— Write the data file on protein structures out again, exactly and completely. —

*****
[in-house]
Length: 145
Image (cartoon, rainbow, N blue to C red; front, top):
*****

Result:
[in-house]
Length: 145
Image (cartoon, rainbow, N blue to C red; front, top):